‘Kafkaesque’ attacks on ‘free-range parenting’

‘Kafkaesque’ attacks on ‘free-range parenting’

[Ed. – What is now called “free-range parenting” is what we used to call “rearing your children.”  We live, in some ways, in a very stupid age.]

The Meitivs live in suburban Montgomery County, Md., which is a bedroom for many Washington bureaucrats who make their living minding other people’s business. The Meitivs, to encourage independence and self-reliance, let their ten- and six-year-old children walk home alone from a park about a mile from their home. For a second time, their children were picked up by police, this time three blocks from home. After confinement in a squad car for almost three hours, during which the police never called or allowed the children to call the Meitivs, the children were given to social workers who finally allowed the parents to reclaim their children at about 11 p.m. on a school night. The Meitivs’ Kafkaesque experiences concluded with them accused of “unsubstantiated” neglect.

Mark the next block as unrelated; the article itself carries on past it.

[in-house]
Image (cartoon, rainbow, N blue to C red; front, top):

Today’s saturating media tug children beyond childhood prematurely, but not to maturity. Children are cosseted by intensive parenting that encourages passivity and dependency, and stunts their abilities to improvise, adapt, and weigh risks. Mark Hemingway, writing at the Federalist, asks: “You know what it’s called when kids make mistakes without adult supervision and have to wrestle with the resulting consequences? Growing up.” …

In 1925, the Supreme Court affirmed the right of parents “to direct the upbringing and education of children.” Today, however, vague statutes that criminalize child “neglect” or “endangerment” undermine the social legitimacy of parental autonomy. And they ignore the reality that almost every decision a parent makes involves risks.

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